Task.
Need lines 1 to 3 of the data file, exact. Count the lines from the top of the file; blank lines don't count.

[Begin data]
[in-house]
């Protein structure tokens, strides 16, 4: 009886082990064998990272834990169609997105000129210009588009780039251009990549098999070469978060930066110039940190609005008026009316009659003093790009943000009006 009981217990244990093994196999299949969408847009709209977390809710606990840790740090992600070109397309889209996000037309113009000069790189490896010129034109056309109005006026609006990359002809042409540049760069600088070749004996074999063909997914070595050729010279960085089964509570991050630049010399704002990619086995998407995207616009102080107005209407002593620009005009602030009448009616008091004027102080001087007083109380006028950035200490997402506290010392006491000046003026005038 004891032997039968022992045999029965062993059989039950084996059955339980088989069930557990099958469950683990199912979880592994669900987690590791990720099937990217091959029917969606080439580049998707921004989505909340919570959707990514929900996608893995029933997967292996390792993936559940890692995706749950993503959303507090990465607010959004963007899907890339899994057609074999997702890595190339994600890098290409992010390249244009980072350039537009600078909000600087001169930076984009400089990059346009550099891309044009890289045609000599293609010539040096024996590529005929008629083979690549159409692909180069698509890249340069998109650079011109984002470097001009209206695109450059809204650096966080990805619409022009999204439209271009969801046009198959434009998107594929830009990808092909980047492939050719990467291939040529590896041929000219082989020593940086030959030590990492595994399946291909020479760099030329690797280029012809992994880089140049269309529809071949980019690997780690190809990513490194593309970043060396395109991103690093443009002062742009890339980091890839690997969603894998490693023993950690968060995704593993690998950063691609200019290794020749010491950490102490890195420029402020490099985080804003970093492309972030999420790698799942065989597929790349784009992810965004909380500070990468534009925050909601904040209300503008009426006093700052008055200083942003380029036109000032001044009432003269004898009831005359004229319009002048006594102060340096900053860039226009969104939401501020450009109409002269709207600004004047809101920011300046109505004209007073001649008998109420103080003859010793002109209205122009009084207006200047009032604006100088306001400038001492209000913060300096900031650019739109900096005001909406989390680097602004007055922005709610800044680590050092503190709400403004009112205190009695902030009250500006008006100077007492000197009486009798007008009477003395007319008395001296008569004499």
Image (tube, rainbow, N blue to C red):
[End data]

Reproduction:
[in-house]
């Protein structure tokens, strides 16, 4: 009886082990064998990272834990169609997105000129210009588009780039251009990549098999070469978060930066110039940190609005008026009316009659003093790009943000009006 009981217990244990093994196999299949969408847009709209977390809710606990840790740090992600070109397309889209996000037309113009000069790189490896010129034109056309109005006026609006990359002809042409540049760069600088070749004996074999063909997914070595050729010279960085089964509570991050630049010399704002990619086995998407995207616009102080107005209407002593620009005009602030009448009616008091004027102080001087007083109380006028950035200490997402506290010392006491000046003026005038 004891032997039968022992045999029965062993059989039950084996059955339980088989069930557990099958469950683990199912979880592994669900987690590791990720099937990217091959029917969606080439580049998707921004989505909340919570959707990514929900996608893995029933997967292996390792993936559940890692995706749950993503959303507090990465607010959004963007899907890339899994057609074999997702890595190339994600890098290409992010390249244009980072350039537009600078909000600087001169930076984009400089990059346009550099891309044009890289045609000599293609010539040096024996590529005929008629083979690549159409692909180069698509890249340069998109650079011109984002470097001009209206695109450059809204650096966080990805619409022009999204439209271009969801046009198959434009998107594929830009990808092909980047492939050719990467291939040529590896041929000219082989020593940086030959030590990492595994399946291909020479760099030329690797280029012809992994880089140049269309529809071949980019690997780690190809990513490194593309970043060396395109991103690093443009002062742009890339980091890839690997969603894998490693023993950690968060995704593993690998950063691609200019290794020749010491950490102490890195420029402020490099985080804003970093492309972030999420790698799942065989597929790349784009992810965004909380500070990468534009925050909601904040209300503008009426006093700052008055200083942003380029036109000032001044009432003269004898009831005359004229319009002048006594102060340096900053860039226009969104939401501020450009109409002269709207600004004047809101920011300046109505004209007073001649008998109420103080003859010793002109209205122009009084207006200047009032604006100088306001400038001492209000913060300096900031650019739109900096005001909406989390680097602004007055922005709610800044680590050092503190709400403004009112205190009695902030009250500006008006100077007492000197009486009798007008009477003395007319008395001296008569004499």
Image (tube, rainbow, N blue to C red):